Polarisation unraveled: invest in the middle

Chris Simoens
08 October 2019
Our world seems subject to an increasing polarisation: the people versus the elite, Muslims versus non-Muslims, … Is it possible to ‘depolarise’ polarisation? And how does polarisation relate to its ‘little brother’, conflict? Dutch author Bart Brandsma made polarisation his life’s work and wrote a book about it. Glo.be presents an overview of his insights. More information via Inside polarisation.


Polarisation or the ‘us-versus-them’ way of thinking exists all over the world. The number of variations is infinite and yet the dynamics of polarisation are the same anywhere, anytime. Polarisation is invariably based on three basic laws:


1. Thought construct

You cannot perceive polarisation in your living environment as it is always abstract. Polarisation is about words, opinions and ideas, unlike conflicts (see below). Two identities are opposed and loaded with meaning. Men, for example, are assumed to be active and tech-savvy, whereas women are thought of as passive and, above all, looking to have a good conversation.

In fact, we cannot do without polarisation: we have to make distinctions in our complex world. Moreover, polarisation is linked to the provision of an identity and we all appear to have a need for that.

The fact that polarisation is a thought construct also has a positive effect: it is not unchangeable. Even centuries-old oppositions - certainties about identities - can crumble. Just think of the vision on the male-female opposition in the 20th century. In other words, we are not powerless.


2. Fuel

Polarisation needs 'fuel', in the way you regularly have to put new logs on a fire. In the case of polarisation, the fuel are the statements about someone else’s identity, both well-intentioned and in bad faith, for example: refugees are fortune hunters, bankers are freeloaders, Obama is right, Trump is wrong…


3. Gut-feeling dynamics

As polarisation increases, more and more ideas about the other arise, while reasonableness decreases. As the pathos rises, facts have less impact. Even if you exchange knowledge about the other person’s (true) identity and try to show understanding for the counterpole’s viewpoints, this information will be incompatible with the image that has already been formed. Thinking in terms of friends and enemies is simply persistent and resistant to hard evidence. And if the facts are difficult to disprove, we can always resort to a conspiracy theory.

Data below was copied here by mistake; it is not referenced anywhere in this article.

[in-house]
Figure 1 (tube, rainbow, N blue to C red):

Schematic with the 4 roles
© Bart Brandsma


Who plays which part in the phenomenon of polarisation?


1. The pusher

The pusher supplies fuel for the ‘us-versus-them’ way of thinking. He makes (simplified) statements about 'the other', the counterpole: Muslims are terrorists, refugees are testosterone bombs...

The pusher at the other counterpole does exactly the same. According to pushers, evil is always on the other side.

Pushers play a visible leading role. They have their own (moral) conviction that they are right, while the others are 100% wrong. The identities that are placed opposite each other have nothing in common: a pusher forces you to pick sides. He will not allow himself to listen to the other party, because then he loses his role. Moderation and nuance imply loss of face. This makes his position unpredictable, and therefore powerful and vulnerable at the same time.


2. The joiner

The joiner chooses one of the two poles. While he is not as extreme as the pusher, he partly endorses the pusher’s vision, at least at the start. In other words, he joins a camp of supporters, which gives him colour and status. When polarisation increases, it becomes difficult for the joiner to switch to the other camp, because that would mean betrayal.

There are many different types of joiners. For example, the 'prospective pusher' stays close to one of the poles. He is busy substantiating his own case with facts and reasons, selecting only the information that supports his own truth.

The prospective pusher mainly wants to deliver a monologue, he shows no interest in the others’ point of view. The somewhat more moderate joiner, by contrast, is prepared to enter into a discussion. Although his own truth comes first, a conversation can take place, albeit past one another. The joiner who is prepared to enter into a debate is situated a little more towards the middle. In a good debate, people listen and might slightly adjust their position, but it is only in the middle that dialogue can take place: one's own points of view are not central, it is possible to exchange views on a common question or dilemma.


3. The silent

The dialogue brings us to the silent: the character that does not take sides. This can be out of indifference, but also out of great commitment. Some people are 'silent' because of their function: mayors, police officers, civil servants, judges...